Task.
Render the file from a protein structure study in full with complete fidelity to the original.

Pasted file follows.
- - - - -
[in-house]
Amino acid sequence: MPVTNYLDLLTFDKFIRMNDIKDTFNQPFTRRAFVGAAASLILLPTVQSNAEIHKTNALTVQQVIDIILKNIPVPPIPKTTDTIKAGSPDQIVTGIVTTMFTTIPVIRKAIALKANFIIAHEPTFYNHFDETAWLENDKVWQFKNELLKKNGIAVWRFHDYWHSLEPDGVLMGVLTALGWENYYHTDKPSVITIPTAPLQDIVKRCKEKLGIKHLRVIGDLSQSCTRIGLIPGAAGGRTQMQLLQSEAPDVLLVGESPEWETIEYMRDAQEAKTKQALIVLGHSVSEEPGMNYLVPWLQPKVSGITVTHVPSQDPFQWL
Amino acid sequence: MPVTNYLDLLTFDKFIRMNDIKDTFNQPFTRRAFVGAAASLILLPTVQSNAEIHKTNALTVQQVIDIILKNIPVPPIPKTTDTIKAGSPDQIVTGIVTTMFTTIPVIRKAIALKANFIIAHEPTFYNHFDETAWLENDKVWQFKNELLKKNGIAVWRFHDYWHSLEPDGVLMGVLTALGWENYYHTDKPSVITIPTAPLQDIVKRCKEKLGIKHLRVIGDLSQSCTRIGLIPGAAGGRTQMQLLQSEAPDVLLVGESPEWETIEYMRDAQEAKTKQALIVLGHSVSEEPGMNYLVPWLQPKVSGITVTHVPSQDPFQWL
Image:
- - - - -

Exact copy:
[in-house]
Amino acid sequence: MPVTNYLDLLTFDKFIRMNDIKDTFNQPFTRRAFVGAAASLILLPTVQSNAEIHKTNALTVQQVIDIILKNIPVPPIPKTTDTIKAGSPDQIVTGIVTTMFTTIPVIRKAIALKANFIIAHEPTFYNHFDETAWLENDKVWQFKNELLKKNGIAVWRFHDYWHSLEPDGVLMGVLTALGWENYYHTDKPSVITIPTAPLQDIVKRCKEKLGIKHLRVIGDLSQSCTRIGLIPGAAGGRTQMQLLQSEAPDVLLVGESPEWETIEYMRDAQEAKTKQALIVLGHSVSEEPGMNYLVPWLQPKVSGITVTHVPSQDPFQWL
Amino acid sequence: MPVTNYLDLLTFDKFIRMNDIKDTFNQPFTRRAFVGAAASLILLPTVQSNAEIHKTNALTVQQVIDIILKNIPVPPIPKTTDTIKAGSPDQIVTGIVTTMFTTIPVIRKAIALKANFIIAHEPTFYNHFDETAWLENDKVWQFKNELLKKNGIAVWRFHDYWHSLEPDGVLMGVLTALGWENYYHTDKPSVITIPTAPLQDIVKRCKEKLGIKHLRVIGDLSQSCTRIGLIPGAAGGRTQMQLLQSEAPDVLLVGESPEWETIEYMRDAQEAKTKQALIVLGHSVSEEPGMNYLVPWLQPKVSGITVTHVPSQDPFQWL
Image: